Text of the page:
In our series, A More Perfect Union, we aim to show that what unites us as Americans is far greater than what divides us. In this installment, "CBS This Morning" national correspondent Jericka Duncan introduces us to a corporate executive who spends his Saturdays teaching technology with a twist.
Numbers, stats and creativity are all integral parts of choreography — but they're vital for coding, too. That's the idea behind danceLogic, a program in Philadelphia that integrates dance and computer programming for 13 to 17-year-old girls.
"With dancing, you have to look at the steps and figure out how do they fit into one another. Same with coding," said 14-year-old Nailah Shabazz, adding "basically, if I see myself coding and helping others, I think I can also bring in other people who look like me, to also want to pursue that field."
For 14-year-old Lauryn Dorsett, the dancing part came easy – the coding, not so much. "The coding part is sorta hard at first when you think about it," Dorsett said. "But once you really grow into it, and stay with it for a while, it starts to get easier."
When she realized how much money she could potentially make with the skills, Dorsett said, she was even more intrigued. "Not all fields offer the same type of opportunities," she said. "You can get far with this."
Franklyn Athias believes that opportunity is everything. While working as a senior vice president at Comcast, Athias started danceLogic in 2018.
Originally, Athias only planned to focus on coding – but "he had trouble getting [kids] to participate," according to his friend and co-founder Betty Lindley.
Lindley, who runs a cultural center, suggested he incorporate dance.
"Coding alone doesn't bring the hook," Athias said. But Lindley's plan worked. "The dance was getting them to come back to the class," he said.
Athias wants people who might be intimidated by the math and science behind coding to understand that it's like any other skill. "It's always hard in the beginning," he said. "This is why the dance part is so important, because a lot of young ladies came in and could not dance. But they practice."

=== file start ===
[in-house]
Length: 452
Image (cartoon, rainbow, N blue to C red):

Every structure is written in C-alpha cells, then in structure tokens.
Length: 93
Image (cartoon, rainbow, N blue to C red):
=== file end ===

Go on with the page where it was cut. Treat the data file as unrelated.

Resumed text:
That's what happened with Shabazz, who said she "inherited two left feet" from her father. "If I have the confidence to dance in front of a bunch of people and not be afraid of making mistakes, then I have the confidence […] to accomplish whatever goals I have in life," she said.
"Something they thought was hard now became easy, right?" Athias said. "And it was all because of practice. It wasn't anything else besides, 'let's try it, let's get it wrong, let's try it again and then boom.' The smile comes on your face and say, 'I got it, Mr. Franklyn.' When that happens, he said, "the world is theirs."
According to the Pew Research Center, women hold just 25% of computer-related occupations in the U.S. New research projects that number could fall to 22% by 2025.
Athias wants danceLogic to help give back to the community. "I came from a very rough neighborhood, . and someone introduced me to something that kept me out of trouble," he said. "If I can help motivate some other person to do the same thing […] that's the reward I get outta this.
When the girls finish the 14-week program, they're rewarded too. Athias gives them iPads, so they can keep coding – he has no doubt they'll keep dancing.
DanceLogic costs $50 total for the 14 weeks. The West Park Cultural Center, which runs the program, says it will never turn away anyone who can't afford the cost. The center offers scholarships, too.
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